An employee sands a wind turbine blade at the Vestas blade factory in Lem, Denmark.
An employee selects a component for a wind turbine blade at the Vestas Wind Systems A/S blade factory in Lem, Denmark. Vestas is cutting 2,335 jobs worldwide.
An employee selects a component for a wind turbine blade at the Vestas Wind Systems A/S blade factory in Lem, Denmark. Vestas is cutting 2,335 jobs worldwide. Photographer: Chris Ratcliffe/Bloomberg
Vestas Wind Systems A/S (VWS), the world’s biggest wind turbine maker, said it will halt production at one factory and cut 2,335 jobs, or 10 percent of its staff, to become more competitive with Chinese suppliers.
The changes are aimed at saving more than 150 million euros ($191 million) by the end of 2012, the company based in Aarhus, Denmark, said today in a statement. Vestas said another 1,600 jobs in the U.S. are at risk as a tax credit supporting the industry expires at year-end.
Chief Executive Officer Ditlev Engel will keep his post after cutting sales forecasts twice since October. Three times in three years he’s pared the workforce as Sinovel Wind Group (SINOVZ)Co. and Xinjiang Goldwind Science & Technology Co. grabbed market share. Vestas also suffered from production delays at a generator factory and from downward pressure on turbine prices.
“The challenges we have faced in the fourth quarter of 2011 have given us a credibility problem,” Engel said in the statement. “I can certainly understand if employees as well as people outside Vestas consider us to be in a state of crisis.”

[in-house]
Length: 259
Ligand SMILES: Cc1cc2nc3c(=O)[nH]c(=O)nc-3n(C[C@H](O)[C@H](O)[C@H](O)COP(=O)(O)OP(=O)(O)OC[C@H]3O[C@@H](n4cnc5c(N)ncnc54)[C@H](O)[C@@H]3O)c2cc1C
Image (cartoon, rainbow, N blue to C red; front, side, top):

Vestas fell 7.1 percent to 58.50 kroner at the close of trading in Copenhagen, the most since Jan. 4, the day after the last profit warning. The stock has lost almost 92 percent of its value since peaking at 692 kroner in 2008.
Sentiment at ‘Lows’
“Some in the market were hoping for significant management changes and this hasn’t happened,” Charlie Thomas, a London-based fund manager of the Jupiter Ecology Fund, which owns Vestas shares, said by e-mail. “With shareholder sentiment at such lows, there was the potential to make a more significant transformation. This is missing in our view.”
Jacob Pedersen, an analyst at Sydbank A/S (SYDB) who correctly predicted the scale of the cuts, said in a phone interview from Aabenraa, Denmark, that some investors may have expected Engel to step down. He said Vestas “disappointed massively” with its latest earnings forecast cut on Jan. 3.
Engel, 47, later told reporters the company’s board had asked him to make today’s announcement, and that it would be“unnatural” to leave the company now.
“The right time to leave a company is not when it’s facing challenges and is in trouble,” Engel said at a news conference in Copenhagen broadcast on the company website. “Have I offered my resignation to the board? No. That’s because I don’t think it would be the right thing to do.”
At a news conference today in Copenhagen with European Commission President Jose Manuel Barroso, Danish Prime Minister Helle Thorning-Schmidt called the job losses an “enormous setback” to European Union efforts to promote green growth.
“This is a very, very sad day for Denmark as this is one of the things we think Denmark should be doing in the future,”Thorning-Schmidt said. “I still think this is the way forward, investing in new ways of doing things and new technologies, and despite this enormous setback, we’re on the right path.”